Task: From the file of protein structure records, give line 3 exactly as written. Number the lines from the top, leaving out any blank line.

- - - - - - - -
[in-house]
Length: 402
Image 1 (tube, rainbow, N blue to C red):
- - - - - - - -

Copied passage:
Image 1 (tube, rainbow, N blue to C red):